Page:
Hi Kate,

This is me to a tee:

"This is what happens when you combine an active imagination and a worrying nature with hypochondriac tendencies."

I try not to google health-related things as much as possible.

I hope that all is well with you and that you find there is nothing serious going on with your heart. I would have been so scared if I were in your shoes.

I'm sure you know this, but I want to tell you that I read your blog faithfully and love it. I apologize for not commenting--I'll try to do that a little more in the future.

As to weaning, if memory serves, I think I did much the same thing as you've described in this post. I would hold my daughter until she fell asleep, which I loved. (I should add, however, that I STILL stay with her until she is sleeping--and she is three!)

Best of luck with this transition from breastfeeding.


P.S. (I'll be attending your workshop on the 11th, so I'll see you then! I'm looking forward to it.)

kate hopper said...

Thanks all. And thanks to Erin for letting me post her words here!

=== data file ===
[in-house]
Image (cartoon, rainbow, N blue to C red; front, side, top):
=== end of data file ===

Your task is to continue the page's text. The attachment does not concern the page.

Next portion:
Shannon, I'm so excited to finally meet you!

Mary said...

I am behind on all blogs and so missed this thread. I had NO idea that breastfeeding could interfere so much with the mama's immune system, but thinking back, I had the same experience. Tired, always battling a cold. I also had additional health scares/problems that eventually convinced ME to wean. I live in Berkeley, though, where breastfeeding till age 5 is not unheard of so I had a lot of doubt. Abe self-weaned before 11 months, Oscar was never capable and Ruby and I bargained till she was 3 years old. We traded it in for "snuggle and talk time" which satisfied both of our needs for physical intimacy but gave me the freedom I desperately needed. It was a long, hard process, with many sleepless nights. She still loves hugging and snuggling and though I thought I would really miss breastfeeding this is just as good. Sounds a lot like what you and Zoe are doing. Best of luck with the transition....and keep taking care of you!

The Blue Suitcase said...

Oh precious sweetness. We weaned at 17 months, and this is still how my 25-month-old falls asleep at nap time. On my favorite days, anyway.

Amy said...

This was exactly what I needed to read this morning as I am struggling with weaning my 22-month-old daughter. She is suddenly experiencing some crossover effects from some high estrogen levels that I've been experiencing and it was the kicker that I needed ot be done. but it's hard. And it re-defines our relationship - which is a good thing - but still difficult :)

Thank you for your words and willingness to share. This is one the experiences that makes me infinitly grateful for the blogging community.